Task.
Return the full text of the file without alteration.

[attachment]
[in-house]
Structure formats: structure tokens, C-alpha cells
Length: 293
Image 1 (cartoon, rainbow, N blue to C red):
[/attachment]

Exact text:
[in-house]
Structure formats: structure tokens, C-alpha cells
Length: 293
Image 1 (cartoon, rainbow, N blue to C red):